FIG. 8B is a route diagram of a request for content that is filtered by multiple filtering routers 210, 212, and 214 according to the method described in relation to FIGS. 7A and 7B. In this scenario, the filtering service is configured to filter three categories of content, such as violent, adult, and religious content. Here, the IP device adds three second destination IP addresses of the filtering routers 210, 212, and 214 to the IP header of the packet. Once the first filtering router 210 ascertains that the first IP address is not on the routing table, the first filtering router 210 routes the packet towards the second filtering router 212, and so on. If it is ascertained that the first IP address is on one of the routing tables of the filtering routers, then that filtering router can either discard (802) the packet or route the packet towards the service provider 220, as explained above in relation to FIGS. 7A and 7B.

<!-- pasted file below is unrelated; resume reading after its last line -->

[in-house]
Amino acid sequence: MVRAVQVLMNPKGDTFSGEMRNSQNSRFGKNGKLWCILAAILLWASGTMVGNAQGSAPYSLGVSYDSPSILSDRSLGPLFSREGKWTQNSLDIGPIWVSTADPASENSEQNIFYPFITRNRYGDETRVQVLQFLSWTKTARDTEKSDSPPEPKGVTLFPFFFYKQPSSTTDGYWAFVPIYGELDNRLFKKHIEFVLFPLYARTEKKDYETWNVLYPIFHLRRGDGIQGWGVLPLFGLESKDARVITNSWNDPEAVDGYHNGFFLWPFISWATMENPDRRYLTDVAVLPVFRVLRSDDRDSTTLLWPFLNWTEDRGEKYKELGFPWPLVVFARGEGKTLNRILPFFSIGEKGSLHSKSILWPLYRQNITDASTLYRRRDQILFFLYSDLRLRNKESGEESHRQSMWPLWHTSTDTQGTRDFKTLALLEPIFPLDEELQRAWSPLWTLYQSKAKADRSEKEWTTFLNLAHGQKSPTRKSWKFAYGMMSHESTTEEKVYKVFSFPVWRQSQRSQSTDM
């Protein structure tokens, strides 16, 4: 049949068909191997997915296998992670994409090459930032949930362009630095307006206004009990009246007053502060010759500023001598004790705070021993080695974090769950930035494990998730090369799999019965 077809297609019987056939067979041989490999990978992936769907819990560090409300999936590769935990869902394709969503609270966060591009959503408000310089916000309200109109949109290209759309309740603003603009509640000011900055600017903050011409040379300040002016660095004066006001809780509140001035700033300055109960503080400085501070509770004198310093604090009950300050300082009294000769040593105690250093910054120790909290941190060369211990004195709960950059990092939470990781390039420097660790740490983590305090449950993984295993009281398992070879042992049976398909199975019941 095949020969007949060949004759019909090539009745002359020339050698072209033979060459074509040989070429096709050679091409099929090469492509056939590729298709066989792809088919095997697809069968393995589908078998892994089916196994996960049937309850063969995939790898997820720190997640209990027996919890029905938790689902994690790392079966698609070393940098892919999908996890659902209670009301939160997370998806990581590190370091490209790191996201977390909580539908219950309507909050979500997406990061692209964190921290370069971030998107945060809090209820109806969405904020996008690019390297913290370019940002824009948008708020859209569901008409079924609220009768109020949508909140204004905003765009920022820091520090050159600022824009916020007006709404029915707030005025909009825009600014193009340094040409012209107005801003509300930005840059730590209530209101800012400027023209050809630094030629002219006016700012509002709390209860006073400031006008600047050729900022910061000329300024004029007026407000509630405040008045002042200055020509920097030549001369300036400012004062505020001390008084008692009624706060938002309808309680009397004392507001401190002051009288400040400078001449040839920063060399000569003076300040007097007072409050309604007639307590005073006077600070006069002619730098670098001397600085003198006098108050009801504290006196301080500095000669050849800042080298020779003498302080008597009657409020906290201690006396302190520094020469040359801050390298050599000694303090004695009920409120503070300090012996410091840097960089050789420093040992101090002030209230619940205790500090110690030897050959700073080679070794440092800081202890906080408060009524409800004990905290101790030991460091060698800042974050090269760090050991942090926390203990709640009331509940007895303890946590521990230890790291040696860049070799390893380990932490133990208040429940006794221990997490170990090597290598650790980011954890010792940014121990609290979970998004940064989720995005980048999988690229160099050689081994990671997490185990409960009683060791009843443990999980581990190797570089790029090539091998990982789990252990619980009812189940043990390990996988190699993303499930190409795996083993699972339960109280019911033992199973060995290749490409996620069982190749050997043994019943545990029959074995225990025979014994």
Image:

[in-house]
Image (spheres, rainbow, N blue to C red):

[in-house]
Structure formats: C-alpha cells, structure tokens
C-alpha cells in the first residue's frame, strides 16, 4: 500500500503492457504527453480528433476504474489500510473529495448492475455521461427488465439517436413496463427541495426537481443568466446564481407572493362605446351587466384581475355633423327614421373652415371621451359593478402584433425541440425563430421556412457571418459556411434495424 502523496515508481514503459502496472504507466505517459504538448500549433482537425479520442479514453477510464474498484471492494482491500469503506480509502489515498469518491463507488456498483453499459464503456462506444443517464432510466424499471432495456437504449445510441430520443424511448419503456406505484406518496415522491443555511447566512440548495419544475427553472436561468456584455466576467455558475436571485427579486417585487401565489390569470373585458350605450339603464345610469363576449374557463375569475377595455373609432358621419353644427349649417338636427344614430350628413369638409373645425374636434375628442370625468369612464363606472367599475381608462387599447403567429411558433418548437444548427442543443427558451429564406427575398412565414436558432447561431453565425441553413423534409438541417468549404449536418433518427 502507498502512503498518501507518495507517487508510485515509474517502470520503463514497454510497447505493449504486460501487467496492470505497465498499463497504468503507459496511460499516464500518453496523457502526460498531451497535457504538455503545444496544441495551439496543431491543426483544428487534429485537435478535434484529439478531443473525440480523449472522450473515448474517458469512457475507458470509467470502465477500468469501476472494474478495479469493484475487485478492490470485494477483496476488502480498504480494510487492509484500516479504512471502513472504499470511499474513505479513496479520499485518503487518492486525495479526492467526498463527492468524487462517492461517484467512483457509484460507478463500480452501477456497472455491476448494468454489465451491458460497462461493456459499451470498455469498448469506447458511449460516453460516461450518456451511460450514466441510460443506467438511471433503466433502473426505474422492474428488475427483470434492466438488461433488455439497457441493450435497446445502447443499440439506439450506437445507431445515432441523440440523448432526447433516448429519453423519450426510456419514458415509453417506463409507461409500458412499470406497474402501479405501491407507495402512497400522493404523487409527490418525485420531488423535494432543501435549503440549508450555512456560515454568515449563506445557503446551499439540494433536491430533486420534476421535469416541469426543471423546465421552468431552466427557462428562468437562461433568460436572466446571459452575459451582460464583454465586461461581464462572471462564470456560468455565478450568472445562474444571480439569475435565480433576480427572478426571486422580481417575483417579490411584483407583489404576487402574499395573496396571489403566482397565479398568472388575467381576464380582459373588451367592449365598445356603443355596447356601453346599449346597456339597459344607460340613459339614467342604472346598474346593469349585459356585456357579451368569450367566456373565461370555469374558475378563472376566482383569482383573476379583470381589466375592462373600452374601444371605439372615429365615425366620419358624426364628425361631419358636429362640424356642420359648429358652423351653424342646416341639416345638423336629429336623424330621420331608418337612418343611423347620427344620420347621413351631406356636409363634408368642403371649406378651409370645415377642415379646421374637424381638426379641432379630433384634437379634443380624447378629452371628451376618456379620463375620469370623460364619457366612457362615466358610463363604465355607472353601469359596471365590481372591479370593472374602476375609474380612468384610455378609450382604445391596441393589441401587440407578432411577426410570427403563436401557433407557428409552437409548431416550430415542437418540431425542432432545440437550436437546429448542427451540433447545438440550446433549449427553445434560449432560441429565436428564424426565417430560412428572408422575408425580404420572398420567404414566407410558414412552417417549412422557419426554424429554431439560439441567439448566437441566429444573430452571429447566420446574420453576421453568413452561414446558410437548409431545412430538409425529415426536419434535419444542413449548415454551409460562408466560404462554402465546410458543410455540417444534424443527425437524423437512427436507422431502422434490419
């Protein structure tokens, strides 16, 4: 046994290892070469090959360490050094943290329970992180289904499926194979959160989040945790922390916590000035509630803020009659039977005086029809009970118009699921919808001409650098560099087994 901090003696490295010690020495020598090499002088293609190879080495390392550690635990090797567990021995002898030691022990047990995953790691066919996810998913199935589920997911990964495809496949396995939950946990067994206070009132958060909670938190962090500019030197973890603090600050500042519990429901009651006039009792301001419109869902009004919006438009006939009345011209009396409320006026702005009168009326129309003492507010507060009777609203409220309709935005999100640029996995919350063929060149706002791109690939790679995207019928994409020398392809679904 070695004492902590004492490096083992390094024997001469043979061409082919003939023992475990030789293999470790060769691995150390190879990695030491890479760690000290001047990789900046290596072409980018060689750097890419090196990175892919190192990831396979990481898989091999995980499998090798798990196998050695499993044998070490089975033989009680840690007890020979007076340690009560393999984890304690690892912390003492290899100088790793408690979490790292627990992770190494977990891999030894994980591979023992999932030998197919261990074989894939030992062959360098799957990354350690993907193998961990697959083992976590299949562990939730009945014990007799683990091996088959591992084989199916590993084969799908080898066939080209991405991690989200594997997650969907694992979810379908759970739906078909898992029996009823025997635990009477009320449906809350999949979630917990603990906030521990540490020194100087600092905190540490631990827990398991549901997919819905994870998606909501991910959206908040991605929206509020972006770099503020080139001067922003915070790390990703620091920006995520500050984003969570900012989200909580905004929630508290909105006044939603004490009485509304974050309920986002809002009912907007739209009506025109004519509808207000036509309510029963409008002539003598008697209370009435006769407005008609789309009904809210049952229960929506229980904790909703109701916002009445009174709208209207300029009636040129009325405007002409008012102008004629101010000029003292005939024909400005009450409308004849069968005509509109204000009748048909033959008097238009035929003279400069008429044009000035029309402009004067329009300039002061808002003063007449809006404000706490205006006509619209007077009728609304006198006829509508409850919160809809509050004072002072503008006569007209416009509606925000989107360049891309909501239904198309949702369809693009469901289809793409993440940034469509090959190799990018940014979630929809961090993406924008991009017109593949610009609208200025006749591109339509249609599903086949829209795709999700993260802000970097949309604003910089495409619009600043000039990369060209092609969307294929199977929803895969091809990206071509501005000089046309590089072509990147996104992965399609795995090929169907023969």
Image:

FIG. 9 is a route diagram of the return path of the content to the client computer 202(1) according to the method described in FIGS. 7A and 7B. If the first destination IP address of the content server 218 is not on a routing table of a filtering router through which the packet was routed, then the packet is sent to the content server 218. Once the content server receives the packet containing the request for content, it locates the content and transmits it back toward the source IP address of the client computer that made the request. The content is routed dynamically back to the client computer along the most efficient path available.